‘Should someone like me have to run and hide in the temple to save my life? I won’t go!’ Nehemiah 6:11 CEV
Third, you must face the problem. When Nehemiah was threatened by his enemies, some of his friends told him to hide in the temple. But he replied, ‘Should a man like me run away? Or should someone like me go into the temple to save his life? I will not go!’ (Nehemiah 6:11 NIV) As a result Nehemiah rebuilt the walls of Jerusalem in under two months—an amazing feat.
Years ago a popular American television commercial about addiction and abuse showed a typical family at home. The children were playing, the mother was vacuuming, and the father was reading the newspaper. They could have been a conventional family anywhere, except for one problem: there was a huge elephant in the room with them. Even though they could see it was making life difficult and they had to work around it, they seemed to be ignoring it and pretending it didn’t exist. That ad gave rise to the saying: ‘The elephant in the room.’ It applies to problems we don’t want to deal with, so we pretend they don’t exist.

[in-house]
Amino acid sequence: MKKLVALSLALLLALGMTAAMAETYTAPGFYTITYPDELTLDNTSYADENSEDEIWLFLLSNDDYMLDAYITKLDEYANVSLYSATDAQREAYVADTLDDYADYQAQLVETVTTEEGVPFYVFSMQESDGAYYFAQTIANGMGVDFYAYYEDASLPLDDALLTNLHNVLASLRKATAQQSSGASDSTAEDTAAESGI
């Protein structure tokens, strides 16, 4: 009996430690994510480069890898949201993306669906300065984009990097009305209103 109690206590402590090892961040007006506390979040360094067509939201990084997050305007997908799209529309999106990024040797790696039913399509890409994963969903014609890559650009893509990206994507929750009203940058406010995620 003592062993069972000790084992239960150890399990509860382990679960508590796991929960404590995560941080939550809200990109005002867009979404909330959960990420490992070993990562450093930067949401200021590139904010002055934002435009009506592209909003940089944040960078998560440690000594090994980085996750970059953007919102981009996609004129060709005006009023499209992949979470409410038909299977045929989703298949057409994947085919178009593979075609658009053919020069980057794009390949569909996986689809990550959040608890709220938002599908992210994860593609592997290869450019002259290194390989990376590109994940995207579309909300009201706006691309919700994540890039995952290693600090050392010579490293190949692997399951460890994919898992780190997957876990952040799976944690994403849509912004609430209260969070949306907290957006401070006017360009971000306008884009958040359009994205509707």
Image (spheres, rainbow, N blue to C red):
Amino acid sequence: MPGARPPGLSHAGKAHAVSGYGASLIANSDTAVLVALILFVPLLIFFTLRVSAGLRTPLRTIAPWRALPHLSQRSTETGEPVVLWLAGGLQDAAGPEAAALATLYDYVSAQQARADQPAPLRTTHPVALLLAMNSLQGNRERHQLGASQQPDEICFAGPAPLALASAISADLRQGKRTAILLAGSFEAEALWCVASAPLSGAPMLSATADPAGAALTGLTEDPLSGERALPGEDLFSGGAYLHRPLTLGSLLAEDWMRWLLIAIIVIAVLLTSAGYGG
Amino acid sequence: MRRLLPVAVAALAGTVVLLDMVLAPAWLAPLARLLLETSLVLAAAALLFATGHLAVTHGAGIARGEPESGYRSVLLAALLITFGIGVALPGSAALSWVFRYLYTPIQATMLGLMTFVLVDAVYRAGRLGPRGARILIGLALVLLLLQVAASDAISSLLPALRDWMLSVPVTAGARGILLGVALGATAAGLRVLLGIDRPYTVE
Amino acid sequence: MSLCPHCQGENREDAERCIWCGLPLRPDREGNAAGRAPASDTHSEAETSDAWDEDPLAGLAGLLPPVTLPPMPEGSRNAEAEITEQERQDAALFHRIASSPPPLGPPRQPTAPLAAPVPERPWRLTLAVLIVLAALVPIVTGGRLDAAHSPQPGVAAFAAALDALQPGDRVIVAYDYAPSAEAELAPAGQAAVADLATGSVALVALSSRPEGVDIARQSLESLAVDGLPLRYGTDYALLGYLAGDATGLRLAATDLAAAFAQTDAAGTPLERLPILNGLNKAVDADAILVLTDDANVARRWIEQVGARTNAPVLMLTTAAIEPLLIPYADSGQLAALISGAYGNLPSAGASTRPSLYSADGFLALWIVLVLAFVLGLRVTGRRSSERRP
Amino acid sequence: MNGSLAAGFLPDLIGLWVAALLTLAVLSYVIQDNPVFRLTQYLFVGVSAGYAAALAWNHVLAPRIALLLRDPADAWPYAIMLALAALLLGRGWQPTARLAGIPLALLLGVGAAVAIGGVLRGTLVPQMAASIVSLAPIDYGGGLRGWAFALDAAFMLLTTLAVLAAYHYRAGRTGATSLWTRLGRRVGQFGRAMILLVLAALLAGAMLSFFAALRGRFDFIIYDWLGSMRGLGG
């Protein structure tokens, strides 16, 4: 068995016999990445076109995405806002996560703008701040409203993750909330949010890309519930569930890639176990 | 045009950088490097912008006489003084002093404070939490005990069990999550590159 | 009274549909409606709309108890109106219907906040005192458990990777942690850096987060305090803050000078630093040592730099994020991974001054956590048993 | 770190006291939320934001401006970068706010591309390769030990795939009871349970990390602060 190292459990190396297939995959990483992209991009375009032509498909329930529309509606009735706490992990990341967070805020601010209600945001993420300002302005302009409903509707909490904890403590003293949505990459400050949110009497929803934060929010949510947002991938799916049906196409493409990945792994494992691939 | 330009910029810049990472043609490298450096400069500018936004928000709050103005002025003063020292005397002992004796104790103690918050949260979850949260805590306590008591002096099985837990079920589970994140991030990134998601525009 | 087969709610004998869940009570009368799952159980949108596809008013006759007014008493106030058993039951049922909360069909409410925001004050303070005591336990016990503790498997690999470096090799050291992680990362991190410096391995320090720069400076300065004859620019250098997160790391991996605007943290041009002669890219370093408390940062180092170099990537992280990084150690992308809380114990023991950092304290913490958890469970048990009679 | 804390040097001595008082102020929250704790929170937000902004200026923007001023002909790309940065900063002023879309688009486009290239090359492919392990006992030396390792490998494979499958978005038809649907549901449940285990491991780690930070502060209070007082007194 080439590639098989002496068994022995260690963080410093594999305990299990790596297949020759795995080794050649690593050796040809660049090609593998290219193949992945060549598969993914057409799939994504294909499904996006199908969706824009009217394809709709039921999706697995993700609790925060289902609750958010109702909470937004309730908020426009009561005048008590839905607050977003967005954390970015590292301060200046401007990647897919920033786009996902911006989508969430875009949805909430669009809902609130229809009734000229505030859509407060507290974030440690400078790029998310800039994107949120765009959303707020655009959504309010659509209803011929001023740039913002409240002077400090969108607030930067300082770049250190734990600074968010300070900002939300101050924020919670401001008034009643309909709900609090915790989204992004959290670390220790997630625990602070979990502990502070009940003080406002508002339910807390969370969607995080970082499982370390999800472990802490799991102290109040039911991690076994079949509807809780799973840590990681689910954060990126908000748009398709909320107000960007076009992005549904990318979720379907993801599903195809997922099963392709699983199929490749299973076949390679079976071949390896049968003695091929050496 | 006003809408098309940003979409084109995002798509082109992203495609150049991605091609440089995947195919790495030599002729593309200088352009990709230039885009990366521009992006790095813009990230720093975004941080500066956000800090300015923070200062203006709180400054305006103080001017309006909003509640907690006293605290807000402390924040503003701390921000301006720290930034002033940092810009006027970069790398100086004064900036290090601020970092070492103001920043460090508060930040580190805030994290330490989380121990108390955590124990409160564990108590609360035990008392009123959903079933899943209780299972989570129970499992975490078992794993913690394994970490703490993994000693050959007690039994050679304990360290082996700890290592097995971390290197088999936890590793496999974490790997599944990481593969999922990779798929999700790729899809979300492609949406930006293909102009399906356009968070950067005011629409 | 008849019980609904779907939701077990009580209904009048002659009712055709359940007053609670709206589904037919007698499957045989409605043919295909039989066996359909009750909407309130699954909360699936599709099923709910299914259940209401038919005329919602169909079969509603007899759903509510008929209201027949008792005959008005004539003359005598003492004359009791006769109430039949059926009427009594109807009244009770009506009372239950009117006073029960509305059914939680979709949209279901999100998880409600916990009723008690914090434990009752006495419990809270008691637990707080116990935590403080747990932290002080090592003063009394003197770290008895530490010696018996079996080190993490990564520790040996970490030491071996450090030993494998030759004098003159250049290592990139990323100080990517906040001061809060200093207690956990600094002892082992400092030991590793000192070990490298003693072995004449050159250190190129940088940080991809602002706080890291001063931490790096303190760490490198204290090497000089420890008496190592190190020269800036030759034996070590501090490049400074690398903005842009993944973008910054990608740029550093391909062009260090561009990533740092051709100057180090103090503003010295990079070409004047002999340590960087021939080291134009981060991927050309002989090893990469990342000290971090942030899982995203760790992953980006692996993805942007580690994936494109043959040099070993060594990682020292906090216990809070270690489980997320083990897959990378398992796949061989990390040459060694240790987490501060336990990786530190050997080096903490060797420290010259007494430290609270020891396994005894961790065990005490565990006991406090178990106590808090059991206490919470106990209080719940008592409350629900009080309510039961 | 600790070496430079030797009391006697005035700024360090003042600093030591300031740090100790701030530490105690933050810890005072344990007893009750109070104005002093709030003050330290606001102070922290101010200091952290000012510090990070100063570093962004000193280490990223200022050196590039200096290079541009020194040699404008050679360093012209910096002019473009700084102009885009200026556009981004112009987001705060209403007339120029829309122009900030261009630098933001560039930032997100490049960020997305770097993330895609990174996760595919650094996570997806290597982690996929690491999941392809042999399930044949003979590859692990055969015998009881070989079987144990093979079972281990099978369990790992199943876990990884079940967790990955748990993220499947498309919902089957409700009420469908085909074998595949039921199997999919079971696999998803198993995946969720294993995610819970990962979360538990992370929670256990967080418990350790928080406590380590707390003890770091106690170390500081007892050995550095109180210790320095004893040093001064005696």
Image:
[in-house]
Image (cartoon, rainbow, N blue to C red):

We typically react to a problem in one of four ways:
(1) Flee it: we try to escape, but the problem always follows us.
(2) Forget it: we hope it will go away if we don’t think about it. But left alone, problems tend to get worse.
(3) Fight it: what we resist persists. And problems are no exception.
(4) Face it: we look at the issue realistically and deal with it. If we’re wise we reach for God’s assistance and ‘boldly say: “The Lord is my helper; I will not fear.”’ (Hebrews 13:6 NKJV)
SoulFood: Gal 1–3, Matt 18:21–35, Ps 119:105–112, Pro 18:9
The Word for Today is authored by Bob and Debby Gass and published under licence from UCB International Copyright ©